Real estate debt satisfies institutional investor appetite
Fundraising expands rapidly in the space
With fund managers stepping in to fill a void left by traditional lenders backing out of the market, private real estate debt investment activity picked up significantly over the past two years.
In 2011, fundraising for these vehicles peaked, with capital raised by solely debt-focused funds accounting for 16% of all capital raised by private funds, according to a special report by Preqin. Since then, institutional investor appetite for real estate debt has grown considerably from 8% in 2011 to 23% in 2013.
"A growing number of institutional investors are now targeting debt funds, with many believing they can provide them with strong risk adjusted returns," said Preqin's head of real estate assets products Andrew Moylan.
He added, "This may also be good news for managers looking to finance deals, with debt fund managers often prepared to lend at higher loan-to-value ratios, or to provide financing for secondary assets that might be avoided by traditional lenders."
Regionally, the U.S. has accounted for the vast majority of capital raised by debt funds historically.
However, increasing mortgage regulation and scrutiny of banks has left many investors to believe it’s an excellent time to invest in international real estate debt, according to Preqin.
Meanwhile, 10 solely debt-focused real estate funds raised an aggregate $2.5 billion by the time the funds closed.
While it’s a significant improvement, this area of the private real estate market is still relatively small, with some investors unfamiliar with the strategy and therefore less willing to invest in debt funds, analysts said.
Nonetheless, market analysts believe it makes sense that real estate debt will grow in popularity because it’s another way for institutional investors to ride the real estate recovery wave to bigger profits, explained RealtyTrac vice president Daren Blomquist.
"As home prices rise, that debt becomes less risky for two reasons: first, the property owners are less likely to default on a property where they have positive equity, or at least the near-term possibility of positive equity; and second, even if the property owners default, the debt holders are in a much more secure position to be able to recoup their investment via foreclosure," Blomquist stated.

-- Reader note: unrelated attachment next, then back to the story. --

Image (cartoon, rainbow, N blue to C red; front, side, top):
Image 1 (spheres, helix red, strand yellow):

He continued, "So certainly the investors should be looking primarily to purchase real estate debt on properties in markets where home price appreciation is strongest. Rising interest rates could make buying the real estate debt trickier, so likely the big increase is in part due to investors trying to capitalize on a window of opportunity that may not be open for long."
The availability of real estate opportunities — resulting from a large volume of maturing debt and tighter restrictions on banks — has led to an increase in the number of institutional investors committing to this asset.
The risk returns offered by debt funds provide an attractive alternative to equity investments for investors that are looking for stable returns from their portfolios, Preqin noted.
When looking at which types of investors will or will not invest in debt funds, real estate fund managers are overwhelmingly the most willing to invest with 49% of investors willing to do so.
Meanwhile, the number of private real estate debt funds in the market is at an all-time high. Consequently, with some traditional lenders more actively lending, there is significantly more competition.
However, due to the recent involvement of private real estate fund managers in the market, many lack a long track record, Preqin pointed out.
"With a great deal of competition in the fundraising market, and many investors unwilling to invest with first-time managers, it is likely to be the fund managers that can demonstrate a strong track record in making debt investments that are more likely to be able to successfully raise capital for their funds," Moylan with Preqin concluded.